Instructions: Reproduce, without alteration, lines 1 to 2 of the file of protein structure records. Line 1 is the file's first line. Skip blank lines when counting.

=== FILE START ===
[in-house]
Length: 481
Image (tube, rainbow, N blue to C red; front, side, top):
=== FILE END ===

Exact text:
[in-house]
Length: 481